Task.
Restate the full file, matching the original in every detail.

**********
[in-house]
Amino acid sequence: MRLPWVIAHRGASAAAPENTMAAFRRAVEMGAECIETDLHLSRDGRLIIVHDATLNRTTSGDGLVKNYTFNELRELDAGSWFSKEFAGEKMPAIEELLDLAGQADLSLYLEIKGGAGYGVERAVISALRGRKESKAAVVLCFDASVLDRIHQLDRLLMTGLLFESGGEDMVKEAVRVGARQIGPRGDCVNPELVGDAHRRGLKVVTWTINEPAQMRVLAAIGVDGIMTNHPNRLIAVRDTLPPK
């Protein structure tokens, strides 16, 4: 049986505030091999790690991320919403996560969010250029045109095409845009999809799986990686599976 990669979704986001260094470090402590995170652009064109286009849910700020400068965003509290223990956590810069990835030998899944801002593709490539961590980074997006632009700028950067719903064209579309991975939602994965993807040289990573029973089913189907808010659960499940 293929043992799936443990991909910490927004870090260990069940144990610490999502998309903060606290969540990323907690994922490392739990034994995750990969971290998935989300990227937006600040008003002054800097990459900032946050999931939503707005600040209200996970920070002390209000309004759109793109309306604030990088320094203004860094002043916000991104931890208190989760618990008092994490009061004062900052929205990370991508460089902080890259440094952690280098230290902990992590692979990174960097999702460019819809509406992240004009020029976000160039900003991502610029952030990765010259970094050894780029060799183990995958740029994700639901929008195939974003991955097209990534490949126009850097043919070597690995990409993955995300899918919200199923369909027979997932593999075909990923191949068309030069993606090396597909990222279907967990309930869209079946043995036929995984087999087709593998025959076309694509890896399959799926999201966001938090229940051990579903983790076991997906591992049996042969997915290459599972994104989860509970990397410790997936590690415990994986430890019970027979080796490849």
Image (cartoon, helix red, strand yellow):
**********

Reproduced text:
[in-house]
Amino acid sequence: MRLPWVIAHRGASAAAPENTMAAFRRAVEMGAECIETDLHLSRDGRLIIVHDATLNRTTSGDGLVKNYTFNELRELDAGSWFSKEFAGEKMPAIEELLDLAGQADLSLYLEIKGGAGYGVERAVISALRGRKESKAAVVLCFDASVLDRIHQLDRLLMTGLLFESGGEDMVKEAVRVGARQIGPRGDCVNPELVGDAHRRGLKVVTWTINEPAQMRVLAAIGVDGIMTNHPNRLIAVRDTLPPK
């Protein structure tokens, strides 16, 4: 049986505030091999790690991320919403996560969010250029045109095409845009999809799986990686599976 990669979704986001260094470090402590995170652009064109286009849910700020400068965003509290223990956590810069990835030998899944801002593709490539961590980074997006632009700028950067719903064209579309991975939602994965993807040289990573029973089913189907808010659960499940 293929043992799936443990991909910490927004870090260990069940144990610490999502998309903060606290969540990323907690994922490392739990034994995750990969971290998935989300990227937006600040008003002054800097990459900032946050999931939503707005600040209200996970920070002390209000309004759109793109309306604030990088320094203004860094002043916000991104931890208190989760618990008092994490009061004062900052929205990370991508460089902080890259440094952690280098230290902990992590692979990174960097999702460019819809509406992240004009020029976000160039900003991502610029952030990765010259970094050894780029060799183990995958740029994700639901929008195939974003991955097209990534490949126009850097043919070597690995990409993955995300899918919200199923369909027979997932593999075909990923191949068309030069993606090396597909990222279907967990309930869209079946043995036929995984087999087709593998025959076309694509890896399959799926999201966001938090229940051990579903983790076991997906591992049996042969997915290459599972994104989860509970990397410790997936590690415990994986430890019970027979080796490849």
Image (cartoon, helix red, strand yellow):